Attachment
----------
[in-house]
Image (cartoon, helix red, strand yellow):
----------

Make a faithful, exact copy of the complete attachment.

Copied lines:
[in-house]
Image (cartoon, helix red, strand yellow):